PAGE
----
Trump considers Cold War-era law to save nation from ‘manufactured’ energy crisis

Pro-coal politicians proclaim taxpayer bailout is needed to protect the homeland.

President Trump and Sen. Joe Manchin (D-WV) are considering ways for taxpayers to subsidize the coal and nuclear power industries. CREDIT: Mark Wilson/Getty Images
President Trump and Sen. Joe Manchin (D-WV) are considering ways for taxpayers to subsidize the coal and nuclear power industries. CREDIT: Mark Wilson/Getty Images

During President Barack Obama’s presidency, the coal industry and its boosters in Congress often invoked the term “war on coal” to criticize the administration’s energy and environmental policies. Even though Donald Trump now occupies the White House, these same people still believe an enemy — an unnamed villain now that Obama is gone — is waging a war not only against the coal industry but nuclear plants as well.

As a result, the Trump administration is exploring whether a Korean War-era law could be used to prop up the nation’s coal and nuclear plants, Bloomberg reported Thursday.

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The Defense Production Act of 1950 allows a president to nationalize private industry to ensure the U.S. has resources that could be needed in time of a war or after a disaster — two situations that are not happening right now. President Harry Truman used the law in late 1950 to cap the price of steel as part of a war mobilization effort against Korea.

The statute classifies energy as a “strategic and critical material,” allowing the president to order businesses to accept contracts for materials and services.

Sen. Joe Manchin (D-WV) sent a letter to President Trump on Wednesday suggesting he “consider using the tools embodied in the Defense Production Act of 1950” to prevent the closure of coal-fired and nuclear power plants.

Using terms typically reserved for times of war — and not to describe unprofitable industries — Manchin, who is seeking reelection this fall, emphasized Trump needs to invoke the statute to preserve the “security of our nation.”

“The security of our homeland is inextricably tied to the security of our energy supply,” the senator wrote. The 1950 statute grants the president the authority “to ensure that the nation’s domestic industrial base is capable of providing the essential materials needed to defend our nation and protect our sovereignty,” Manchin said.

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The West Virginia lawmaker is hoping to appeal to a president who often manufactures crises where none exist — securing the U.S. border with Mexico, for example — as a way to stoke fear among the American public.

From an energy perspective, the law was previously invoked in 2001, according to Bloomberg, to keep natural gas flowing to California when the state was facing a real crisis — rolling power blackouts, mostly caused by manipulation of energy markets in the western United States.

Invoking the 1950 statute would represent yet another attempt by pro-coal politicians to make customers stabilize the profits and shareholder value of failing coal companies and owners of nuclear fleets, rather than avert any immediate threat facing the American public.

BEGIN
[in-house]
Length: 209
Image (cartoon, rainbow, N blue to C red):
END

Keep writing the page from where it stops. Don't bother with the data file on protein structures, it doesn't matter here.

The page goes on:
“It’s as if each week, the Trump Administration comes up with a new ploy to saddle electricity customers and taxpayers with uneconomic coal and nuclear plants that are heading for retirement — this time it’s using a Cold War era law meant for wartime,” Mary Anne Hitt, senior director of Sierra Club’s Beyond Coal campaign, said in a statement. “Using the Defense Production Act to prop up uneconomic plants when there is ample capacity is a clear abuse of presidential power.”

So far, Trump and his industry partners have failed in their attempts to get customers to subsidize coal and nuclear plants. In January, federal regulators rejected a proposal submitted by Energy Secretary Rick Perry to offer special payments to these plants to ensure they stay open. The proposal would have provided guaranteed profits to the coal and nuclear industries.

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More recently, FirstEnergy Corp. asked Perry to rescue its coal and nuclear plants, along with other companies’ plants located in the eastern United States, by declaring an “emergency” in the power industry. The request was widely panned by industry officials and experts, with one company describing the scenario as a “manufactured crisis.”

Earlier this week, Rep. David McKinley (R-WV), who has received huge amounts of cash for his campaigns from the coal industry, pleaded with federal regulators to provide taxpayer relief to the coal industry in his state.

“We keep having hearings, keep discussing it, but I want to move from the abstract to something concrete,” McKinley said, calling for action to help the industry on Tuesday at a House hearing where all five members of the Federal Energy Regulatory Commission (FERC) testified.

Give them credit: Despite objections by grid operators, consumer advocates, and business interests, the coal and nuclear industries are trying their best to find a statute that might help them survive in a market where they’re failing to compete.

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FirstEnergy is asking Perry to issue an emergency order under section 202(c) of the Federal Power Act. FERC refused Perry’s plan to bail out coal plants under section 403 of the Federal Power Act. And now a West Virginia senator wants Trump to use a law passed in wartime — Defense Production Act of 1950 — to keep revenue flowing to the same companies that fill his campaign coffers.